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SpaceX, Planet ink deal to launch Earth-imaging satellites through 2025

A SpaceX Falcon 9 rocket launches 143 small satellites, including 48 of Earth-imaging company Planet’s SuperDove cubesats, into orbit from Cape Canaveral Space Force Station in Florida on Jan. 24, 2021, on the Transporter-1 rideshare mission. Planet and SpaceX recently signed a deal for more such launches through 2025.
A SpaceX Falcon 9 rocket launches 143 small satellites, including 48 of Earth-imaging company Planet’s SuperDove cubesats, into orbit from Cape Canaveral Space Force Station in Florida on Jan. 24, 2021, on the Transporter-1 rideshare mission. Planet and SpaceX recently signed a deal for more such launches through 2025. (Image credit: SpaceX)

Planet has signed another contract with SpaceX, locking it in as the 'go-to launch provider' for the Earth-imaging company through 2025.

San Francisco-based Planet operates the world's largest fleet of Earth-observation satellites, most of which are tiny but capable cubesats known as Doves (or, more recently, SuperDoves). SpaceX Falcon 9 rockets have launched 83 Planet satellites on seven missions to date, and the new deal ensures that number will grow.

"I'm excited to continue our partnership with SpaceX," Planet co-founder and CEO Will Marshall said in a statement today (Aug. 5). "We've had seven launches to date. But more than that, together we've pioneered rapid planning, manufacturing and launch of satellites that only Planet and SpaceX could together have achieved."

Related: Planet satellites' views of Earth (photos)

Today's statement doesn't specify the number of planned launches or the value of the contract. It describes the deal as a "multi-year, multi-launch agreement with SpaceX, solidifying them as our go-to-launch provider through the end of 2025."

Planet spacecraft will piggyback as "rideshare" payloads on Falcon 9 rockets, as they have done in the past. The first planned launch under the new agreement is scheduled for this December, when 44 SuperDoves will lift off on SpaceX's Transporter-3 mission.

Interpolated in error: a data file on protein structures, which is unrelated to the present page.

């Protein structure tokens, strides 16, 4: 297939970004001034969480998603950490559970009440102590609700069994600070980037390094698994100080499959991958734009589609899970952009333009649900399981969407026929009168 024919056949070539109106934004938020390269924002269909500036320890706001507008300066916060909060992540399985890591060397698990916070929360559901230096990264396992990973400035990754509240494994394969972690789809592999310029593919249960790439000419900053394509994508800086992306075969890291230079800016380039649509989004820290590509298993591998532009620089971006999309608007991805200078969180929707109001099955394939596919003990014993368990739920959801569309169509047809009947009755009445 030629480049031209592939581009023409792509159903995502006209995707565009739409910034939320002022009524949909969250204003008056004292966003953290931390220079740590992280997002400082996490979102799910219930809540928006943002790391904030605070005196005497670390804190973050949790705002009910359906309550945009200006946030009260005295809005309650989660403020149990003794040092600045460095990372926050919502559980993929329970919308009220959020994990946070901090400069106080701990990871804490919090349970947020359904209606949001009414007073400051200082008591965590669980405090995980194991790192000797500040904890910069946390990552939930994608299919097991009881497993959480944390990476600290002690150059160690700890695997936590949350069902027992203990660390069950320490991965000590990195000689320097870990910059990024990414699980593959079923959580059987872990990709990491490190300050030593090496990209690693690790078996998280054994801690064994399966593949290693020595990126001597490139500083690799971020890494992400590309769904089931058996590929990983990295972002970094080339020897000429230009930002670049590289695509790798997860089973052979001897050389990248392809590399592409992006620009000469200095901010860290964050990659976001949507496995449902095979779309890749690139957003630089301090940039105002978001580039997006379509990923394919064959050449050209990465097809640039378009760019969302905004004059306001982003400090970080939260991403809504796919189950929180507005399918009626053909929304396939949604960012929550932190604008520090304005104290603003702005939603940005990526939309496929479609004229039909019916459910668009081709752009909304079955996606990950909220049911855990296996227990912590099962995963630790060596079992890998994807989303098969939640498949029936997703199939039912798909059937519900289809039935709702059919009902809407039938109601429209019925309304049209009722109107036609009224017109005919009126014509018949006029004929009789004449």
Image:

Planet satellites have launched atop a number of rockets to date, including India's Polar Satellite Launch Vehicle and Rocket Lab's Electron (which gives small satellites dedicated rides to space). Planet will maintain such diversity in the future despite the new SpaceX deal, company representatives said.

"Moving forward, we will continue to operate with a variety of launch providers to ensure that launch needs can still be met in the event of unavailabilities of specific providers," Planet representatives wrote in the same statement. "By engaging with a diversified manifest, Planet can find launches to the right orbit in the right time frame for each evolving satellite project."

For example, Planet recently signed a deal with Bay Area startup Astra for a "multilaunch mission" in 2022. Astra has not yet launched any satellites to orbit but will attempt to do so on a mission for the U.S. Space Force later this month.

Mike Wall is the author of "Out There" (Grand Central Publishing, 2018; illustrated by Karl Tate), a book about the search for alien life. Follow him on Twitter @michaeldwall. Follow us on Twitter @Spacedotcom or Facebook. 

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Mike Wall
SPACE.COM SENIOR SPACE WRITER — Michael has been writing for Space.com since 2010. His book about the search for alien life, "Out There," was published on Nov. 13, 2018. Before becoming a science writer, Michael worked as a herpetologist and wildlife biologist. He has a Ph.D. in evolutionary biology from the University of Sydney, Australia, a bachelor's degree from the University of Arizona, and a graduate certificate in science writing from the University of California, Santa Cruz. To find out what his latest project is, you can follow Michael on Twitter.